The types ASCII and EBCDIC also take a second (optional) parameter; this is to indicate what kind of vertical format control, if any, is associated with a file. The following data representation types are defined in FTP:
A character file may be transferred to a host for one of three purposes: for printing, for storage and later retrieval, or for processing. If a file is sent for printing, the receiving host must know how the vertical format control is represented. In the second case, it must be possible to store a file at a host and then retrieve it later in exactly the same form. Finally, it should be possible to move a file from one host to another and process the file at the second host without undue trouble. A single ASCII or EBCDIC format does not satisfy all these conditions. Therefore, these types have a second parameter specifying one of the following three formats:
This is the default format to be used if the second (format) parameter is omitted. Non-print format must be accepted by all FTP implementations.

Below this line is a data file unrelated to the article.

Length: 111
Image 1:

The file need contain no vertical format information. If it is passed to a printer process, this process may assume standard values for spacing and margins.
Normally, this format will be used with files destined for processing or just storage.
The file contains ASCII/EBCDIC vertical format controls (i.e., <CR>, <LF>, <NL>, <VT>, <FF>) which the printer process will interpret appropriately. <CRLF>, in exactly this sequence, also denotes end-of-line.
The file contains ASA (FORTRAN) vertical format control characters. (See RFC 740 Appendix C; and Communications of the ACM, Vol. 7, No. 10, p. 606, October 1964.) In a line or a record formatted according to the ASA Standard, the first character is not to be printed. Instead, it should be used to determine the vertical movement of the paper which should take place before the rest of the record is printed.
The ASA Standard specifies the following control characters:
Character Vertical Spacing blank Move paper up one line 0 Move paper up two lines 1 Move paper to top of next page + No movement, i.e., overprint
Clearly there must be some way for a printer process to distinguish the end of the structural entity. If a file has record structure (see below) this is no problem; records will be explicitly marked during transfer and storage. If the file has no record structure, the <CRLF> end-of-line sequence is used to separate printing lines, but these format effectors are overridden by the ASA controls.